No child left behind due to hearing loss
Sergei Kochkin, Ph.D. - Better Hearing Institute, Washington, DC
Too many children in America's schools are being left behind simply because they aren't getting adequate help for hearing loss.
Even mild hearing loss can cause serious problems for children. Yet, hearing problems remain one of the most commonly under-recognized and under-addressed issues in the classroom today.
When educators, parents, and pediatricians underestimate the impact of mild or unilateral (affecting only one ear) hearing loss on a child, the child is left vulnerable to a wide range of social, emotional, behavioral, and academic problems.
Early manifestations of a child's hearing problem can begin as an unexplained downward slide in either school performance or behavior, oftentimes being mistaken for other conditions such as attention deficit disorder (ADD). But hearing problems can quickly grow into much larger issues when a child's adult support network-both inside and outside of the classroom-either doesn't recognize the problem or minimizes its impact on the child.
According to a study conducted by the Better Hearing Institute (BHI), hearing loss leaves children vulnerable to a myriad of problems that can filter into virtually every aspect of their lives. According to three out of four parents of children with hearing loss, common problem areas include social skills (52%), speech and language development (51%), grades in school (50%), emotional health (42%), relationships with peers (38%), self-esteem (37%), and relationships with family (36%).
A large part of the problem is that many parents either don't recognize their child's hearing problem, minimize it, or have been given misinformation regarding what can be done about it. In fact, according to the BHI study, four in ten parents were told that their child did not need amplification because they had hearing loss in only one ear. Two in ten parents were mistakenly told that their child could not be helped because they had high frequency hearing loss. And 20 percent were told they could not be helped because they had a low frequency hearing loss.
Perhaps most alarming, however, 32 percent of the parents surveyed cited embarrassment or other social stigma issues as the reason their child did not use a hearing aid. As a result, only about 12 percent of children under the age of 18 with hearing loss who would benefit from hearing aids are using them. The study also found no evidence of the use of any form of hearing assistance for these children in the classroom (e.g. FM systems, hearing aids, speakers), other than front-row seating.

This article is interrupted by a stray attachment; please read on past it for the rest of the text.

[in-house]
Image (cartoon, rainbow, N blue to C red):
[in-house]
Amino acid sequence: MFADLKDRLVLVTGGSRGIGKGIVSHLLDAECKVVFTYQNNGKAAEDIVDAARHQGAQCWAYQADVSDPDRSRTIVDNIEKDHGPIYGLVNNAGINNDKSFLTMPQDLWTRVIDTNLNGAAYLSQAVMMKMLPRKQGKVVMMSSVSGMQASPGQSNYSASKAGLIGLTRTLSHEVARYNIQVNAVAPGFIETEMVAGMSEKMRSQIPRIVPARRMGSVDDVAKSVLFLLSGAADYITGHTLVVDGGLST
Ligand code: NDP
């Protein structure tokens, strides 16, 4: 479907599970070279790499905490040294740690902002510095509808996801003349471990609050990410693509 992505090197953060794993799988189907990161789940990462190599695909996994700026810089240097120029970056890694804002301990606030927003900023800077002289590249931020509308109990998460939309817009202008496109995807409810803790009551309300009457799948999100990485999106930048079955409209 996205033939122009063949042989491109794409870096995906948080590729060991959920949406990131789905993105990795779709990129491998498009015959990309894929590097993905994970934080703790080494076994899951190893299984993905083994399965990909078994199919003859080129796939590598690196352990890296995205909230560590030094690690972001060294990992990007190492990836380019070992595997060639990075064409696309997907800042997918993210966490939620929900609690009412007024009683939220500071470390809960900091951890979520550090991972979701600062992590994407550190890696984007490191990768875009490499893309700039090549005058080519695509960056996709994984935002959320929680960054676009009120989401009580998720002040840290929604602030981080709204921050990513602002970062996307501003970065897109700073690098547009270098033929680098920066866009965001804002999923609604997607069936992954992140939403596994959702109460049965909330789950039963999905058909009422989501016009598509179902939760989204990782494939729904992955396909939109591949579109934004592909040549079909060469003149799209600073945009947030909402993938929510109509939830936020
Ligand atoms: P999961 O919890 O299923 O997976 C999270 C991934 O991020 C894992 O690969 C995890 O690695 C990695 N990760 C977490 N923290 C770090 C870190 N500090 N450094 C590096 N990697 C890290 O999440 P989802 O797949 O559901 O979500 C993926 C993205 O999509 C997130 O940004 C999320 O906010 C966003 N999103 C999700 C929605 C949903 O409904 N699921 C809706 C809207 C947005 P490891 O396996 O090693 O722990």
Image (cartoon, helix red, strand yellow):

For these reasons, it is incumbent upon educators to stay alert to the signs of hearing loss in children. If a teacher suspects that a child is having difficulty hearing, the educator should bring it to the attention of the child's parents and school administrators so the child can undergo a thorough hearing assessment by an audiologist. Signs of a child's unaddressed hearing loss in the classroom are frequently associated with attention, behavior, and language skills. For example, a child with unaddressed hearing loss may not seem to pay attention to instructions; may have a short attention span; might drift off or daydream frequently; could be easily distracted; might have trouble with phonics, spelling, articulation, and reading/language arts; may seem to lack the motivation to learn; could exhibit either overactive or aimless behaviors; might act in an aggressive or withdrawn manner; and may frequently shows excessive fear or anxiety.
By no means does the solution to the problem of unaddressed hearing loss in America's children lie solely with teachers. Parents, pediatricians, school administrators, and policymakers need to be educated on the issue.
But there are low-cost measures that teachers can take in their own classrooms to help these children as well. Most teachers can take the following steps on their own:
- Teach children to create good listening environments by making eye contact, reducing distance, taking turns speaking, and reducing the noise they themselves make.
- Make sure the child is not sitting near sources of noise-such as the heating and cooling system, hallways, or the playground. And when applicable, seat the child in the front of the row with his better ear toward the teacher.
- Let the child move around the classroom if it enables him or her to better see the speaker.
- Assign someone who can help the child with note taking.
- Make every effort to speak slowly and clearly.
- Always speak toward the class, even when writing on the board. Don't turn away or cover your mouth while speaking.
- Write down key words or visual aids related to the lesson on the board.
- Always write assignments on the board so the child can copy them down.
- Rephrase things. If the child doesn't understand something, say it again in a different way.
- Encourage schools to install sound field systems in classrooms. These systems amplify the teacher's voice, which is then delivered through speakers strategically placed in the classroom-something that benefits all the children so they all can hear equally well, no matter where they are sitting.
Too many children in America are being left behind because too many adults either underestimate the impact of mild and unilateral hearing loss on children or aren't educated enough to assess the difference between behaviors caused by hearing loss and those caused by other conditions.
Educators, policy makers, healthcare providers, and parents must thoroughly address the issue of hearing loss in children if we are to allow these children a fair and equitable opportunity for success. We all are responsible for better serving America's children with hearing loss.